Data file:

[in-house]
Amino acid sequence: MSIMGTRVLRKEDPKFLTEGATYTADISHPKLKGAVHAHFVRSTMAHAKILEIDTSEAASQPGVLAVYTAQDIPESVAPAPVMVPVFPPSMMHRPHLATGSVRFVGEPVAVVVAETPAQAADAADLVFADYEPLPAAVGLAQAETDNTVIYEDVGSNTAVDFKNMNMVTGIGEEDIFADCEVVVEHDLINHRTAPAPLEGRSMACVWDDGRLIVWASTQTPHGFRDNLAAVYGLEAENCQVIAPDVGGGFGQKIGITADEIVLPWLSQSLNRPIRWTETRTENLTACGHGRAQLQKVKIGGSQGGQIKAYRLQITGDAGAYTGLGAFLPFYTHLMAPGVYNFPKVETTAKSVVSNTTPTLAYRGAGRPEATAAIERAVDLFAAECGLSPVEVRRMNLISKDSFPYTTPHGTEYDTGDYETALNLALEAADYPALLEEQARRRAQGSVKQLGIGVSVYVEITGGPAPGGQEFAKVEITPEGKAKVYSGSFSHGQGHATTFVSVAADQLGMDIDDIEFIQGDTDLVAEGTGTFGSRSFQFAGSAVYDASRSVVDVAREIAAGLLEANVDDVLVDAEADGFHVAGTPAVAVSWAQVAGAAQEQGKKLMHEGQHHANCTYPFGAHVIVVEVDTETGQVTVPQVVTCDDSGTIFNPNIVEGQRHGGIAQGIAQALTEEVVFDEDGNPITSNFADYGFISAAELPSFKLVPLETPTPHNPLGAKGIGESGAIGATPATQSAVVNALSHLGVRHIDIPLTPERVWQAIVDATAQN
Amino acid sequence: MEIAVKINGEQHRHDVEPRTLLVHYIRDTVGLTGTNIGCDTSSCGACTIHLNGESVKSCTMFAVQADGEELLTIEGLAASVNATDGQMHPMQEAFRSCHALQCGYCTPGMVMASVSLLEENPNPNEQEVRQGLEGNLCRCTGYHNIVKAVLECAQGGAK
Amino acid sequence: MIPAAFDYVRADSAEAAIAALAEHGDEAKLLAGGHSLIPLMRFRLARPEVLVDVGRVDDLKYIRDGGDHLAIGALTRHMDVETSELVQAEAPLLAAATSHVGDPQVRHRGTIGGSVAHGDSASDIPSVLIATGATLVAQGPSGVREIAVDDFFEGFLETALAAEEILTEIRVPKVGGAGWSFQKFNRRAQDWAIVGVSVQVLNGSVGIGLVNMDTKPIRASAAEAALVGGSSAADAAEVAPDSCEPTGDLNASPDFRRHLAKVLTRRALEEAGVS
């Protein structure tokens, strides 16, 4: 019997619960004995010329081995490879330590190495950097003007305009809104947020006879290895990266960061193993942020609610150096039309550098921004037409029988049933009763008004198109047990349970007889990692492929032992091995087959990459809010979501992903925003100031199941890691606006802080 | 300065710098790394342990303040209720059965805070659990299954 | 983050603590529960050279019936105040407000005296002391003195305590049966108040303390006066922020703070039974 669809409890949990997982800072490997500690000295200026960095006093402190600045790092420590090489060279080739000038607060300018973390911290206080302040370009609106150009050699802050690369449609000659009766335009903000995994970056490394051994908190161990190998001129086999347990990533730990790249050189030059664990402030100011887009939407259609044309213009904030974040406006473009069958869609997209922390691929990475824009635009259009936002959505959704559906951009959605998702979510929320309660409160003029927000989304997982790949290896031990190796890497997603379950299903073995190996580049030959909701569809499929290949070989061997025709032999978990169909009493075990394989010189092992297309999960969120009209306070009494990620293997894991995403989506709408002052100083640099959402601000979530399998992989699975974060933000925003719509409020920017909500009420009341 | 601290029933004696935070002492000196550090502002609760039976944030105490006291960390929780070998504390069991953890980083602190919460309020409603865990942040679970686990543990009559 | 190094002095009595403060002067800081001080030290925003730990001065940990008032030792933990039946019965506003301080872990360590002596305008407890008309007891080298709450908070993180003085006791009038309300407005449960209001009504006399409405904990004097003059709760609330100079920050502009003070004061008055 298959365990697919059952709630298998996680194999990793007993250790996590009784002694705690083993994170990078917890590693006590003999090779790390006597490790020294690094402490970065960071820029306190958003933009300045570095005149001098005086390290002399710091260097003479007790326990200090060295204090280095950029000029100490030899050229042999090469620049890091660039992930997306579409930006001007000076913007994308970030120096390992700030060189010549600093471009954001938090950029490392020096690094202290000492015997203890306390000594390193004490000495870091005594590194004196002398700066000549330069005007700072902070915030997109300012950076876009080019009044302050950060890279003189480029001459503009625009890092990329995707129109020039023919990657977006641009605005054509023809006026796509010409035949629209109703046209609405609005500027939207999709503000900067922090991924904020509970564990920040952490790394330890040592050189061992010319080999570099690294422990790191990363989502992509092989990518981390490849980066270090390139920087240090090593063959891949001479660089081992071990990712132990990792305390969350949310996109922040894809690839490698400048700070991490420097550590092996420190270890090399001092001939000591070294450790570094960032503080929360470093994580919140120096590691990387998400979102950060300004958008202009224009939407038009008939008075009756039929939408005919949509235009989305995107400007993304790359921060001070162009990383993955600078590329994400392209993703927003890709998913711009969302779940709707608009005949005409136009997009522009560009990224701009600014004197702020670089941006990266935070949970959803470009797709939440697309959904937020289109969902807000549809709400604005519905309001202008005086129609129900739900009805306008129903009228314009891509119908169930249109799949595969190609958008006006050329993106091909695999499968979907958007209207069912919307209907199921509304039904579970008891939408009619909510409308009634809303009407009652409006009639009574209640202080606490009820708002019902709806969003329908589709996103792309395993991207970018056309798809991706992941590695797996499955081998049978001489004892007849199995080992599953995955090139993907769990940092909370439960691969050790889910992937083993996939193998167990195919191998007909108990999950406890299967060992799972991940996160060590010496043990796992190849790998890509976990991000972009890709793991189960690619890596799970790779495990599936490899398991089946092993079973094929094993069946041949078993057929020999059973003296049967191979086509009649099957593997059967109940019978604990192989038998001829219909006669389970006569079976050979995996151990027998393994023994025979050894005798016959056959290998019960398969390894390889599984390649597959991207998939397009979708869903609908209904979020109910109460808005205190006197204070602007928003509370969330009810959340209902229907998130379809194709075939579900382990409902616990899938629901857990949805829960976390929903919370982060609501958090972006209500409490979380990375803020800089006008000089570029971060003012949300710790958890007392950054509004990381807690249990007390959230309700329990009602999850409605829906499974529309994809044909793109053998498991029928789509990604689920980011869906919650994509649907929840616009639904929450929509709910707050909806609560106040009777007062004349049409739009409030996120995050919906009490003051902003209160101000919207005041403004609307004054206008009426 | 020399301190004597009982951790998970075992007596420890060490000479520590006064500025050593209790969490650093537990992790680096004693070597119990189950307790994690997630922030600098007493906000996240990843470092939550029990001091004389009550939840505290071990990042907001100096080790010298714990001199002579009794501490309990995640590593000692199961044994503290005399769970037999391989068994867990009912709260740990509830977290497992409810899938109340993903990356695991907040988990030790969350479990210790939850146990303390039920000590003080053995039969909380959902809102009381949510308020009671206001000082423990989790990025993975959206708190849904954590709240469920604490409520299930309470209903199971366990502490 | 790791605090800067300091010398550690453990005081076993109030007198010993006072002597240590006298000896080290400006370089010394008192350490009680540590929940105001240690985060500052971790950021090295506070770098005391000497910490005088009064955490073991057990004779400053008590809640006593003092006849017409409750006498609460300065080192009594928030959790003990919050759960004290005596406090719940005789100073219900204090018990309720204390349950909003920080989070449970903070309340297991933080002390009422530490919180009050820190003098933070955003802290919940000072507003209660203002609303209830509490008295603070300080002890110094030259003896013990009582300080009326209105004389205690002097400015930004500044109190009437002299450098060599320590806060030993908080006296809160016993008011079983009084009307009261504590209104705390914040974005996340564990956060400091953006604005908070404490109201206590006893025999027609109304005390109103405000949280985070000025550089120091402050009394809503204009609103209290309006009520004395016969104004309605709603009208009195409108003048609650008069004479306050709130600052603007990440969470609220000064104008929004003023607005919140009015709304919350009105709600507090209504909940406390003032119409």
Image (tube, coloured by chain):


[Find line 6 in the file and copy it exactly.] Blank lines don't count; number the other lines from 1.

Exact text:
Image (tube, coloured by chain):